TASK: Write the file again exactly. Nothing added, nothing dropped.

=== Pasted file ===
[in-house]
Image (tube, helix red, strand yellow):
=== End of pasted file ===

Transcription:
[in-house]
Image (tube, helix red, strand yellow):